Nora Chipaumire is a choreographer, director, and dancer. She attended the University of Zimbabwe School of Law before moving to the U.S. in 2000 to study dance at Mills College, Oakland, California. Chipaumire’s work is informed by her self-exile from Zimbabwe, and she is devoted, in her words, “to shifting the central point of view of Africa from being solely the holder of traditional forms, and not a place of innovation.” She has danced with Urban Bush Women and Molissa Fenley and Dancers, among many national and international companies. Her choreographic work has been presented in New York, Chicago, San Francisco, and Québec. Chipaumire received a Bessie Award for choreography in 2008 and for performance in 2007 for her work with Urban Bush Women.
Tze Chun is a screenwriter and director whose films, in his words, “look at universal issues through the lens of culturally specific, character-driven narratives.” Chun’s short, Windowbreaker, played at the 2007 Sundance Film Festival as well as over 30 other international festivals and won the audience award at the 2007 New York City Short Film Festival. His first feature film, Children of Invention, recounts the tale of two Chinese-American children who must fend for themselves when their mother is arrested for taking part in an illegal pyramid scheme. The movie, which premiered at the 2009 Sundance Film Festival, screened at over 50 film festivals, winning 17 festival awards including eight Grand Jury or Best Narrative Feature prizes.
Sonya Clark creates textile works, sculptures, installations, and photographs. Clark is known for her work with hair as a material to address race and identity issues. She has extended the idea of cloth to include hairdressing, in particular traditional African techniques such as cornrows and Bantu knots, in sculptures such as the Wig Series (1997–2000) and Hair Series (2001–present). In the Beaded Prayer Project (1998–2009), she collaborated with 4000 people from 35 countries who each contributed a beaded amulet. Clark is the Chair of the Craft and Material Studies department at Virginia Commonwealth University in Richmond.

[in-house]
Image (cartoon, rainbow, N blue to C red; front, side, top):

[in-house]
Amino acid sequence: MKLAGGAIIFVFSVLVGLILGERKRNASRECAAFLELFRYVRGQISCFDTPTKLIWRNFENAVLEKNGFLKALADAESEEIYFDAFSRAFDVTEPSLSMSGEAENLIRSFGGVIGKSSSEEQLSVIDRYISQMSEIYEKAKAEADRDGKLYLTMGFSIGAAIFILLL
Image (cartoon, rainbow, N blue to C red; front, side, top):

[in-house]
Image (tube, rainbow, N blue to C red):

New York, NY
John Collins is the Artistic Director and Founder of the Elevator Repair Service (ERS) Theater in New York. Founded in 1991 with a group of actors, ERS is now one of the most acclaimed experimental theater companies in New York. In describing the company’s work, Collins says, “ERS pieces incorporate a great variety of narratives, forms, and ideas but they all have in common their inappropriateness for the stage.” An example is the highly praised Gatz, a seven-hour play in which the actors recite the entire F. Scott Fitzgerald novel The Great Gatsby with the actors morphing into the characters in the book. The play won a Lucille Lortel Award for Best Alternative Theatrical Experience in 2011, and Collins was nominated for Outstanding Director, among other honors.
New York, NY
Mexican-American singer-songwriter Lila Downs was raised between three cultures—the Mixtec Oaxacan world of her mother, as a Mexican national, and in the Minnesota home of her father. Downs studied at the Instituto Nacional de Bellas Artes, Oaxaca, Mexico, as well as the University of Minnesota, Minneapolis. She grew up singing ranchero music and studied opera in college, combining these traditions with jazz, Native American, and Afro-Caribbean music in her compositions, which address contemporary social themes around migration, gender, and race. She has recorded eight CDs.